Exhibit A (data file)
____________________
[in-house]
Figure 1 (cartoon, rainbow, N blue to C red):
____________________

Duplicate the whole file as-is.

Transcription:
[in-house]
Figure 1 (cartoon, rainbow, N blue to C red):